$12.4 Million Contract Awarded to Reinforce Littlerock Dam : Palmdale: Strengthening the structure to better withstand earthquakes is expected to be finished by early ’94. Separate recreational work is to follow.


Directors of the Palmdale Water District awarded a $12.4-million construction contract Monday to strengthen the 69-year-old Littlerock Dam, which does not meet state earthquake standards, and set the stage for a multimillion-dollar improvement of the surrounding recreational area.

The construction contract unanimously approved Monday calls for the dam to be reinforced to better withstand earthquakes and for its height to be raised 12 feet to double its capacity as a reservoir, officials said. That work is expected to take until early 1994 to complete, with the separate recreational work to follow.

“We’re glad to get through everything to where we can start construction of it. It’s been a long hard fight,” said John Sidwell, a water district board member.

Citing earthquake safety, state officials in 1988 ordered Littlerock Dam either reinforced or breached so that it could no longer hold water.


The dam reinforcement, related improvements and various other costs are expected to total about $20.7 million, an amount to be partially offset by a $3-million state grant. The water district this week plans to complete the sale of $16.1 million in certificates of participation to finance most of the work.

District General Manager Hal Fones said the approximately $1.5-million annual debt service on the long-term financing will be paid by developer fees, and from money the water district expects to save by using more dam water and less ground water and aqueduct water, both of which are more costly.

Upon its completion in 1924, the Littlerock Dam was the tallest multiple arch dam in the United States, at about 170 feet in height. Because of its distinctive design, the 700-foot-long structure was placed on the National Register of Historic Places in the 1970s.

Reinforcing the dam against quakes emanating from the San Andreas Fault, about two miles away, will require the arches to be filled in with roller-compacted concrete on the downstream side. As a result, the dam will lose its listing on the historic places register.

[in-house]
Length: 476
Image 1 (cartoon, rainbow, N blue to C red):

The dam collects runoff water from the nearby San Gabriel Mountains and over the years has stored at least one-third of the water used by the Palmdale Water District, which serves central and east Palmdale and surrounding unincorporated areas of the county.

Fones said the upgraded dam will hold about 3,500 acre feet of water, near its original capacity and about double its current reduced capacity of 1,700 acre feet. The capacity has been reduced as silt has accumulated over the years. An acre-foot of water is enough to serve an average family for an entire year.

The dam is actually situated on U.S. Forest Service property so the water district had to obtain federal permits for the work. Consequently, the district was required by the federal government to spend about $1.5 million improving the nearby campgrounds and another $1 million for replanting projects.

The district has already spent about $1.5 million in design and environmental work to prepare for the project, and district officials now expect to spend up to $1 million more for construction management services to oversee the actual strengthening work.

The $12.4-million construction contract was awarded to ASI/RCC Inc. of Buena Vista, Colo., even though a San Diego-based company, Commercial Contractors Inc., had a lower $12.2-million bid. Water district officials said the San Diego firm lacked appropriate experience and submitted a flawed bid.